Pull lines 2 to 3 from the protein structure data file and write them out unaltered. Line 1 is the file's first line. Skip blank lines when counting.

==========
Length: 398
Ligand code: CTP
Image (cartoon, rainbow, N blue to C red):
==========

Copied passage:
Ligand code: CTP
Image (cartoon, rainbow, N blue to C red):